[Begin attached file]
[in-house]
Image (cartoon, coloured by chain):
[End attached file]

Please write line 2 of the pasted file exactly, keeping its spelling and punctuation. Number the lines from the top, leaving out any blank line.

Image (cartoon, coloured by chain):